Where is the investment?

Again we find ourselves watching a debate over government spending and how much it should be cut. The big players in this debate are defense and entitlement programs, these are both the largest items in the federal governments budget and huge sacred cows to those who support one or the other. What gets largely left out of this debate though is investment, and this is a very unfortunate state of affairs. This is unfortunate because infrastructure investment and R&D create profit, they increase the tax base by increasing economic vitality. And this isn’t just a matter of investing in new things, our basic infrastructure is crumbling, some estimates say that we would have to pay around 600 billion dollars a years, for many years to come, just to fix our existing infrastructure due to the years of neglect that has been heaped upon it.

So you can spend money on things which offer little or no profit or spend it on things which do offer profit and so make it easier to afford the things that don’t. Consider the following chart from the OECD.


It should be clear that in countries of decent size that are not endowed with great natural resource wealth R&D expenditures does relate to the relative economic vitality of a country. So it is very unfortunate that in the fiscal debate R&D and infrastructure are always the first things to be targeted for cuts, these are the things that allow us to afford everything else. I would rather see us fund these expenditures more and cut or re-structure social benefits instead.

These quotes from the Wall Street Journal, 12/17/2012, http://online.wsj.com/article/SB10001424127887324677204578185552846123468.html

“U.S. inflation-adjusted R&D spending is expected to decline 0.7% next year, according to the Battelle Memorial Institute, a nonprofit organization that conducts scientific research for government and industry.”

“Inflation-adjusted R&D spending growth averaged about 4% a year from 2004 to 2007 in the U.S. But since 2009, growth has failed to outrun inflation.”

“The U.S. is expected to spend $423.7 billion on R&D next year, which would ripple through to generate about $1.24 trillion across the economy. The spending would directly support the employment of 2.5 million full- and part-time workers, and, indirectly, a total of 8.3 million workers, according to Battelle.”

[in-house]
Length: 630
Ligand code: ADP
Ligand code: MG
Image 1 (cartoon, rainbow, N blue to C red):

Yet we cannot even fund the patent office sufficiently. Of course that opens a whole other can of worms in that, from a policy standpoint, we are probably better off having much more R&D done by the government who can then auction off patent rights, (preferably to more than one company to insure competition). Why aren’t antibiotics being developed? Because drug companies make far more money developing drugs that people need to take over a long period of time, like cholesterol drugs, than they do developing one shot drugs like antibiotics. This is true of a lot of things which offer great social good but little profit potential, we need the government to be doing more R&D not less.

As for infrastructure according to the OECD the U.S. ranks about where it does in the R&D chart, not at the top but not falling to the back of the pack either. This ranking is complicated as different countries rate higher or lower in different things, for instance England ranks highest in airport investment, not surprising considering it is a major airline hub. The U.S. is not, however, ranked at the top of any category. Which re-inforces the point made about R&D, where the position of the U.S. is isn’t a catastrophy, but any cuts in current expenditures would make it so.

This is brought home especially considering the rapid development some emerging nations are making. What they are building is the latest version of what is available, where as the U.S. is working with an infrastructure in many cases 100 years old. This is like when Japan and Germany re-tooled post WW II, their manufacturing facilities were a step ahead of those in the U.S., where the latest investment has gone is where the cutting edge technology will be.

The sad thing is that it takes an exceptional set of cicrumstances to make the kind of investment China is currently doing. In their case a glut of capital available for investment. In the case of the U.S. and Europe during the industrial revolution huge leaps in productivity combined with a inexpensive labor pool. (Just imagine what the bulldozer alone made possible). The case of the U.S. is one of having to make prudent decisions about what it can and cannot afford.

Still we must accept that we cannot run such an expensive government without a broad tax base, and we won’t have a broad tax base unless we fund R&D and infrastructure spending fully, which means that these should be the last thing to be targeted in the fiscasl debate, not the first.



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